It was my fault, I’m sorry. 

2. ごめんね (gomen ne): Sorry, man. 

Now, this word is actually the shortened version of gomennasai, but you really need to use it with great caution. There’s a slightly playful and casual undertone when you use this. Depending on the situation too, it minimizes the intensity of your apology, so you shouldn’t use the phrase in a serious situation. You can say this when you bump on your friend or use their pen by mistake, but not when you accidentally kick a ball through your neighbor’s window. 

ペン落としちゃった! ごめんね!
Pen otoshichatta! Gomen ne!
I dropped (your) pen! Sorry, man!

Note: In casual conversations among friends, Japanese people usually omit particles like を or は. 

3. すみません (sumimasen): Excuse me

People usually rotate between sumimasen and gommenasai, so what’s the difference? ごめんなさい (gomennasai) is strictly used to apologize for something you did wrong. すみません (sumimasen) is used to apologize, too, but the word itself is so much more versatile. In fact, sumimasen can be used for non-apologetic situations, like telling someone you’re passing by or letting them go ahead first when entering a room.

Sumimasen, ushiro ni toorimasu.
Excuse me, I’m passing from behind.

Sumimasen, douzo.
Excuse me, go ahead. 

So while すみません often seems interchangeable with ごめんなさい, the prior is a broader expression. In terms of nuance, gomennasai has a slightly more apologetic tone to it. 

4. 悪い (warui):  My bad.

Similar to gomen ne that we discussed above, 悪い (warui) is another casual way to say sorry in Japanese. You’re not directly apologizing. Rather, you’re acknowledging you did something wrong.

You should only use warui to apologize to friends and peers for non-serious matters. Think of this as slang words between two very good friends. 

Warui warui!
My bad!

How to Apologize in Japanese: Serious and Formal Apology

Stepping on your friend’s foot is one thing, but sending the wrong email draft to your Japanese boss is another thing. In this scenario, you want to express how deeply sorry you are. Saying sorry in Japanese humble form will help intensify your apology. 

Remember that when you use these phrases in a casual context, you’ll come across as sounding stiff or, worse, trying too hard. Only save these apologies for moments where you really mess up badly.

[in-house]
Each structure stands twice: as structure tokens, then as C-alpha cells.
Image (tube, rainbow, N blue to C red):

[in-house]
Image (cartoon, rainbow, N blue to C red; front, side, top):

1. 申し訳ございません (moushi wake gozaimasen): What I did was inexcusable.

申し訳ございません (moushi wake gozaimasen) is perhaps the humblest and most formal way to say sorry in Japan. It literally means, “There is no excuse.”

There are other variations of moushi wake gozaimasen, depending on the level of formality you’d like to achieve. For example, ございません is the most polite form of ありません, so you can replace it when you feel like using gozaimasen feels too stiff.

Moushi wake arimasen. 

Other variations include:

Taihen moushi wake arimasen deshita. 

Moushi wake nai.
I’m sorry!

The word moushi wake nai is the same, but it’s a slightly more casual form than using ございません or ありません. You can use it when you’re trying to make a sincere (but still friendly) apology to your friends. 

2. ご迷惑をかけてすみません (gomeiwaku o kakete sumimasen): I’m sorry to have caused you trouble. 

The Japanese word meiwaku can be built into an apology phrase in the event you have created an issue or trouble with someone. In the business context, this means in the event when you’re causing the slightest inconvenience to the other party. This phrase means, “I am deeply sorry to have caused you trouble.”

Go meiwaku o okake shite moushi wake gozaimasen.
I’m sorry for this inconvenience.

The phrase above is a combination of ご迷惑 and 申し訳ございません, which further intensify the apology. It is commonly used as a formal greeting in emails and announcements. Other variations include:

Gomeiwaku o kakete sumimasen.

Gomeiwaku o kakete gomennasai. 

3. 恐れ入ります (Osoreirimasu): I’m sorry

Similar to sumimasen,  恐れ入ります (Osoreirimasu) isn’t used as an actual apology, but as a way to excuse yourself. However, osoreirimasu is a more polite and formal way to say sumimasen.

Usually, the phrase 恐れ入ります (Osoreirimasu) is followed by another sentence, connected by が to show contrast.

Osore irimasu ga, okawari o itadakemasuka?
Excuse me, but can I have another serving? 

4. 謝罪いたします (shazai ita shimasu):  I apologize

This is a formal way of apologizing. You’ll see politicians and celebrities saying this when they did something scandalous or needed to make a public apology. Sometimes, this is followed by a 90-degree bow.

5. ご面倒をお掛けして、すみません (gomendou o okakeshite, sumimasen): I’m sorry for the trouble

Similar to 迷惑, this variation of Japanese apology isn’t used when you’re actually begging for forgiveness. Instead, it’s a way to thank someone for helping you. This is a formality when someone does something for you. 

6. お詫び申し上げます (Owabi moushi agemasu):  I apologize.

The word お詫び (owabi) means sorry. This phrase is among the other things Japanese public figure says when they want to apologize to the public. Unlike 申訳わけありません (owabi moushi agemasu), お詫び申し上げます is a strictly formal form, and there’s no way to make it casual. 

Fun fact: it’s the way of apologizing used by Prime Minister Murayama in his infamous apology speech on behalf of Japan for their involvement in World War II. 

There are alterations to change the level of humility.

Owabi ita shimasu.
I apologize. 

7. 謝罪いたします (shazai itashimasu): I apologize